What is Scoliosis?

Scoliosis is a sideways curvature of the spine accompanied by a twisting of the spine. This can cause the shoulders, hips or waist to appear uneven.

The twist is best seen by others when you bend forwards at the hips.


Why do I have scoliosis?

Scoliosis in NOT a diagnosis on its only: it describes the shape of the spine (bending to the side and rotated).

There are multiple causes of scoliosis- it is essential to determine the cause of the scoliosis to determine what the natural history will be be and what the appropriate management is.



By far the most common “cause” of scoliosis. The exact underlying reason for the curve is not known. There are genetic influences but oftentimes there is no reason found

(a) adolescent idiopathic scoliosis

This occurs as the child approaches maturity and is going through their major adolescent growth spurt.

(b) early onset scoliosis

This is a curve that occurs in a younger child for no known reason.


A structural problem that has been present from the early formation of the spine before birth.  This can be extremely variable in outcomes: ranging from no symptoms and no treatment necessary to a progressive problem that needs early surgery.

Neuromuscular scoliosis

This type of scoliosis happens because abnormal nerves or muscles are weak and failing to hold the spine up straight.  

Common neurological conditions that can cause scoliosis include :

  • Cerebral palsy
  • Muscular dystrophy
  • Neurofibromatosis

Scoliosis: what makes it get worse?

While the reasons why the scoliosis occurred may remain a mystery, we do have much clearer information about what makes curves get worse.  The combination of growth and gravity are the two forces that are drive curves to become worse.  The faster the growth the more likely the scoliosis will get worse. 

The bones of the spine, which should be square shaped, are each growing.  If they are growing fast and under pressure from a curve they tend to grow more wedge shaped (triangular).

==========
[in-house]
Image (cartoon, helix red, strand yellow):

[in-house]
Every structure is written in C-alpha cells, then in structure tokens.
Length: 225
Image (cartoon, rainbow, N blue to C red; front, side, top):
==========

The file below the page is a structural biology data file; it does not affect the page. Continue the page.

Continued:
The shape problem becomes fixed in the shape of the individual bones and joints. Part of the assessment of the scoliosis will be to determine how much growing we expect is still remaining and what the risks are of developing a much bigger curve

Age 9
Age 11
Age 12

What are the treatment options for Scoliosis?


Many curves are mild enough (generally less than 25 degrees) that they do not require active treatment. Although they may well not increase with time they certainly need ongoing observation with xrays until the child is skeletally mature. 

It is important to remember that there is nothing weak nor brittle about your spine; you can participate in all physical activities that you want.


Physiotherapy may assist with symptoms and addressing associated asymmetries in the surrounding musculature, such as those present around the shoulder girdle, hips and spine.

There are physiotherapy scoliosis specific exercise (PSSE) methods that aim to improve the postural components of the curve, improve flexibility of the restricted regions and improving the strength of specific postural weaknesses identified. The most widely known PSSE is the Schroth based method (BSBTS).


When do you use a brace?

For those who patients who have significant growth remaining and have an acceptable curve (usually between 25 and 40 degrees) the best way to maintain this curve is brace treatment.  In recent years we have had very solid evidence that braces work in preventing worsening of the scoliosis, and avoiding the progression to a level that requires surgery.